This includes our central facilitative and editorial role in the degrowth community’s collective mini ‘manifesto’ in response to the covid-19 pandemic, which was signed by over 1000 academics and activists, and 70 organisations.
Since 2019, we have also cultivated an editorial focus on the topic of strategy, which we identified as a neglected debate within degrowth, that was narrowing the movement’s prospects for affecting material societal change. Our 10-part blog series on strategy foreshadowed the Vienna Degrowth Association’s conference and edited book on the topic, which our members were instrumental in.
We also took the decision within this period that we wanted to engage in more collective thinking and writing processes as a group. This led to a further editorial piece on degrowth movement strategy, a contribution on alternatives to mainstream publishing in ephemera journal, and a chapter in the book Degrowth & Strategy which analysed the history of strategy in the degrowth community and set out a proposal for a Degrowth International as a new structure for organising and deliberating strategy.
For us, then, becoming a political collective does not constitute an abrupt change to our purpose and activities that begins with this post, but a gradual evolution that we have been undergoing across several years of working together. Now seemed like an apt time to reflect on that process, and share these reflections with the wider degrowth community.
The truth is that becoming a political collective probably entails a range of more subtle alterations of framings, shifts of emphasis and priorities, as well as more explicit and bold changes to our long-term orientations and ambitions.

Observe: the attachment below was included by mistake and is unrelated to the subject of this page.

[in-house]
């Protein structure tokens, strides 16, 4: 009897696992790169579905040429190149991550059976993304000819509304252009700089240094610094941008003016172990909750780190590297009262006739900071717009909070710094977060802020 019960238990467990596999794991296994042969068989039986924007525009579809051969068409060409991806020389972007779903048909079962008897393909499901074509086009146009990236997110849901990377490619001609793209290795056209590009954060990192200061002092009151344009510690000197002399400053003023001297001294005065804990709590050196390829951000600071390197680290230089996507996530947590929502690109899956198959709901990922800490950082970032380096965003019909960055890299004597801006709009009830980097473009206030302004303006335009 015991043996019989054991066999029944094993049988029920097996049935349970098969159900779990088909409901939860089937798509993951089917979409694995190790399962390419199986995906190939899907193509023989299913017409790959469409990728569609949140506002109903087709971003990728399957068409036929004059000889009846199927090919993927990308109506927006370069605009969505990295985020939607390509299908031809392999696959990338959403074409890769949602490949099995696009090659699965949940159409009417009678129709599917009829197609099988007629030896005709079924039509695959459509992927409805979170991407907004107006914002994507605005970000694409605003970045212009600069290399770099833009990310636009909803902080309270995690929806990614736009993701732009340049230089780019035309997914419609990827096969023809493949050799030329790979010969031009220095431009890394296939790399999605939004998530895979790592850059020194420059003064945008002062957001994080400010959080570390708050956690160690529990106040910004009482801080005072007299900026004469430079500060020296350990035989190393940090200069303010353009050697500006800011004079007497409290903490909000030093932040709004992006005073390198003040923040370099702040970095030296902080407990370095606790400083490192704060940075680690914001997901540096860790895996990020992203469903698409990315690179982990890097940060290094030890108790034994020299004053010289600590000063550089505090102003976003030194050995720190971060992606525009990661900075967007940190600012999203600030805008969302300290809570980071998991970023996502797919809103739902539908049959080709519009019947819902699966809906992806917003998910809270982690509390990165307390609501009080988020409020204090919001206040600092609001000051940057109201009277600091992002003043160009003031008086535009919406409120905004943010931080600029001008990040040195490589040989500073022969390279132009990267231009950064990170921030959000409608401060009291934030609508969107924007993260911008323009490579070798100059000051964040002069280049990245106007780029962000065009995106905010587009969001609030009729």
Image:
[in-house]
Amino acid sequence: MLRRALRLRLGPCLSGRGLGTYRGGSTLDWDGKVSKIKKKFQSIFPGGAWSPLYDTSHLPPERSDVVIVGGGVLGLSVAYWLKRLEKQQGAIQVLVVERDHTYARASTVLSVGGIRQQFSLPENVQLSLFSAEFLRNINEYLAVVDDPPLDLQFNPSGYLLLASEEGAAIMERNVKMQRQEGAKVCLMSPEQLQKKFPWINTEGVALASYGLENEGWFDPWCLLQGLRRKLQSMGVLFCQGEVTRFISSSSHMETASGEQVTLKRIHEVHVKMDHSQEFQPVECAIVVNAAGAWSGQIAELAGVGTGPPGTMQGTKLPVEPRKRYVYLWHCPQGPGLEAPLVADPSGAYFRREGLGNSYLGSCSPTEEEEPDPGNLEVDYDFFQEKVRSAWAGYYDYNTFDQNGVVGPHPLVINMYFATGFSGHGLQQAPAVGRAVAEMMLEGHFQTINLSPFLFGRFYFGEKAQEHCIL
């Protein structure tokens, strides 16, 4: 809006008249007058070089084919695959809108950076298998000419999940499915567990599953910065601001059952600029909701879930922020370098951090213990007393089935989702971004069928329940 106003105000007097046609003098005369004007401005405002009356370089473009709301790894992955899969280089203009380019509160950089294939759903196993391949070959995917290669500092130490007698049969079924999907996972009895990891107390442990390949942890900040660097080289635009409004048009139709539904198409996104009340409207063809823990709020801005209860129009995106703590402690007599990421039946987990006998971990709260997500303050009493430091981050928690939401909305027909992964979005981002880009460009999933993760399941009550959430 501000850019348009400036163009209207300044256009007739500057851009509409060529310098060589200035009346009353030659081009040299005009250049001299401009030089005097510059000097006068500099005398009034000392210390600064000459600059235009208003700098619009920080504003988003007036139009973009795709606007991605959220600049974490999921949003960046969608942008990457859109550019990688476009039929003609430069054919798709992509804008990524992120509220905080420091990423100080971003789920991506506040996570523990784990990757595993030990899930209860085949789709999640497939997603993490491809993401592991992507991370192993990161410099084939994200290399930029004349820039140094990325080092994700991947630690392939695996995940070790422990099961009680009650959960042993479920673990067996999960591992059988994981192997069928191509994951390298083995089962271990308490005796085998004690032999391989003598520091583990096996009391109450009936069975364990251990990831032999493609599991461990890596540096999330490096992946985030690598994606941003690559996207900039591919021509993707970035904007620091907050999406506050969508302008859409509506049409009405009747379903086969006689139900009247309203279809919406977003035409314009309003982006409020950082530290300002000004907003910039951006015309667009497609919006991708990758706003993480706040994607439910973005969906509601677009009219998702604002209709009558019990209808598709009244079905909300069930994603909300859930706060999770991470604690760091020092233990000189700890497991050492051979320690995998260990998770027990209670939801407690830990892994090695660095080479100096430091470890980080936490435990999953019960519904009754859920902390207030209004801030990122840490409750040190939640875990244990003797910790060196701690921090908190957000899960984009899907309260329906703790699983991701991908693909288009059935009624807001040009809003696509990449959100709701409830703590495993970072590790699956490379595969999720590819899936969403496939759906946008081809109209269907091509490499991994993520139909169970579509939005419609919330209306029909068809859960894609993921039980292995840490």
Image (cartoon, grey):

In the short- to medium-term, here is an idea of some of the changes we envisage: (i) we will more proactively elevate the voices we believe need to be heard within the degrowth community, and resist only reproducing those voices that are already heard the loudest; (ii) we will build on our existing engagement with the organization of degrowth networks at the international level, and importantly (iii) we will use our blog and newsletter to not only summarize the latest happenings in the degrowth community, but also to carve out our own distinct editorial stance on these developments.
It also cannot be ignored that our visual identity – most notably the name degrowth.info – reflects our more simplistic founding purpose as a hub for sharing information on degrowth. While that task is still key to our work, we have begun the unavoidable discussions about the importance of this visual identity changing alongside our wider evolution as a collective, to reflect our movement towards becoming an autonomous political voice and actor. There is nothing planned immediately in this domain, however, as we believe it is the more substantive underlying shift of purpose which must lead any more superficial changes.